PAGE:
Spirituality & Self Care

Spirituality is Subjective – A Lesson Learned

For those of you who know me, or who’ve been following me for a while, you know that I grew up in a very religious household. Our family dynamic revolved around our religion’s standards, and I was chock full of biblical information and facts.

From late adolescence into my early adult life, I spent countless hours searching for answers; answers about who we are, why we’re here, and what my purpose in life was. I even went through bouts of depression when the answers I found were too confusing to understand or when I felt like I was lost in this world without a purpose.

What I have learned, and what I’m still learning as I grow and open myself to other ideas and cultures, is that spirituality is subjective. There are so many different religions and beliefs out there that it would be ignorant of me to say that one is more accurate than the other while we have all been given the same tools and information about the world we live in. For me to close myself off to other possibilities is foolish, as I am limiting myself to what I can learn, who I can interact with, and what I’ll experience in life.

Spirituality is subjective. Perception of who or what God is can vary person to person, as individuals experience different things in life which shape what they believe in. Some may look to God as a father figure while others may compare God to a feeling. Whatever your perception of God is, it’s faith in something bigger than ourselves that brings us together.

I’ve faced a lot of criticism from family and former friends because of my spiritual choices. I’ve been told that I “need spirituality” in my life. Who’s to say that I’m not spiritual? Spirituality is defined as “the quality of being concerned with the human spirit or soul as opposed to material or physical things.”. While religion is a form of spirituality, there are other ways of embodying spirituality.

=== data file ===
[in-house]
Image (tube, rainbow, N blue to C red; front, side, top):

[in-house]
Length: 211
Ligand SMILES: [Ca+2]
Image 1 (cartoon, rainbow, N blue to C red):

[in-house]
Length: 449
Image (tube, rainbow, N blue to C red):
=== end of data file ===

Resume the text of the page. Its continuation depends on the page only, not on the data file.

In Thomas Moore’s book “A Religion of One’s Own: A Guide to Creating a Personal Spirituality in a Secular World,” he touches on the subject of how spirituality is within us. “You are born with your spirituality; you don’t have to go looking for it. It is a huge presence that wants to live through you and be embodied in your life. Your spiritual self was born in a dream, and when you dream you are returning home. Your natural self is at home is at home in the land where everything is both a physical fact and a poetic metaphor. When you dream, you are returning to the home, the very womb of your spirit and a world that speaks the language of your soul.”

Being a spiritual person and being a religious person can be very similar and very different. Religion is just one small aspect of spirituality, but embodying spirituality involves becoming in tune with yourself and with your soul and then projecting this open-mindedness to the rest of the world.

How do you define spirituality? Can one be spiritual and not religious? I’d love to hear your thoughts.

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About Eden

I enjoy long naps (when I can sneak one), cheesy books, and I'm fueled by the smiles of my son.
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